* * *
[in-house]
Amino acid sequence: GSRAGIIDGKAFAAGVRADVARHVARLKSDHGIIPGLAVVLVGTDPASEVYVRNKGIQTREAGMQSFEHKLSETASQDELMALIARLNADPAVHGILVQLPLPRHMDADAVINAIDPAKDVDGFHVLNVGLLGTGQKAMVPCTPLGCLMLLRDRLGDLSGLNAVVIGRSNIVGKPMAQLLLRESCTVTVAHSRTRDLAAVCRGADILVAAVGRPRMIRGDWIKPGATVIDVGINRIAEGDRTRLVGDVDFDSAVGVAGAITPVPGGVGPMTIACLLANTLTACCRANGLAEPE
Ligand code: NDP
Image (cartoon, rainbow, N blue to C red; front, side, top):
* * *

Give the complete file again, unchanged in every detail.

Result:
[in-house]
Amino acid sequence: GSRAGIIDGKAFAAGVRADVARHVARLKSDHGIIPGLAVVLVGTDPASEVYVRNKGIQTREAGMQSFEHKLSETASQDELMALIARLNADPAVHGILVQLPLPRHMDADAVINAIDPAKDVDGFHVLNVGLLGTGQKAMVPCTPLGCLMLLRDRLGDLSGLNAVVIGRSNIVGKPMAQLLLRESCTVTVAHSRTRDLAAVCRGADILVAAVGRPRMIRGDWIKPGATVIDVGINRIAEGDRTRLVGDVDFDSAVGVAGAITPVPGGVGPMTIACLLANTLTACCRANGLAEPE
Ligand code: NDP
Image (cartoon, rainbow, N blue to C red; front, side, top):